• About the spinach — why the huge variation in how much frozen (20 ounces vs. 32 ounces); and can you use fresh spinach instead? Frozen spinach usually comes two ways: in 10-ounce blocks, or 16-ounce bags. Two 10-ounce blocks is barely enough; two 16-ounce bags is plenty. Bottom line, use as much as you like. As for fresh spinach — sure, fresh is fine. But you still need to cook it and wring it dry, otherwise your crust runs the risk of becoming soggy.
  • A sprinkle of oregano atop the feta is a nice touch, as is the merest hint of ground nutmeg in the spinach.


see this recipe's blog »

1) In a medium-sized mixing bowl (or in a bread machine set on the dough/manual cycle), combine all of the ingredients to make a very soft dough. Knead for 5 to 7 minutes (or allow the dough to go through the bread machine's dough cycle); the dough will gradually become smooth and cohesive, though it'll remain quite sticky.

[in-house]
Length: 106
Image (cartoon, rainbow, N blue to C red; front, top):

2) To bake pizza immediately, divide the dough in half, and let each half rest, covered, for about 15 minutes, while you preheat your oven to 450°F. To bake pizza later, transfer the dough to a lightly greased bowl. Cover the bowl, and let the dough rise for 1 hour, then refrigerate it for up to 3 days.

3) While the dough is resting or rising (or just before you're ready to bake pizza), start preheating the oven to 450°F, and prepare your toppings.

4) For spinach and feta pizza, thaw the frozen spinach, and squeeze it in your hands (or a paper towel, or a dish towel) until it's very dry.

5) Heat the olive oil, and sauté the spinach, salt, and garlic for a couple of minutes, just until hot and well combined.